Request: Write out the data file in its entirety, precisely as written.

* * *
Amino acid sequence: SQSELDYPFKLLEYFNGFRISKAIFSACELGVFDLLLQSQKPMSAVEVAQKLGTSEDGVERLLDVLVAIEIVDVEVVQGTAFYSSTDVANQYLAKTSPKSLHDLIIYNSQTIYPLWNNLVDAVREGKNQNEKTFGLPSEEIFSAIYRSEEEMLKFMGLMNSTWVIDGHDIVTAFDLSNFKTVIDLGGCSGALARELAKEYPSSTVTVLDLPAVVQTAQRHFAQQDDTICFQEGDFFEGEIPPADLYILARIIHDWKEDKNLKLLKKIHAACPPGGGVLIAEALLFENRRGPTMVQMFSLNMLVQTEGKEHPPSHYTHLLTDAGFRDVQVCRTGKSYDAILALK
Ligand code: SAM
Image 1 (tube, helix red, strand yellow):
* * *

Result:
Amino acid sequence: SQSELDYPFKLLEYFNGFRISKAIFSACELGVFDLLLQSQKPMSAVEVAQKLGTSEDGVERLLDVLVAIEIVDVEVVQGTAFYSSTDVANQYLAKTSPKSLHDLIIYNSQTIYPLWNNLVDAVREGKNQNEKTFGLPSEEIFSAIYRSEEEMLKFMGLMNSTWVIDGHDIVTAFDLSNFKTVIDLGGCSGALARELAKEYPSSTVTVLDLPAVVQTAQRHFAQQDDTICFQEGDFFEGEIPPADLYILARIIHDWKEDKNLKLLKKIHAACPPGGGVLIAEALLFENRRGPTMVQMFSLNMLVQTEGKEHPPSHYTHLLTDAGFRDVQVCRTGKSYDAILALK
Ligand code: SAM
Image 1 (tube, helix red, strand yellow):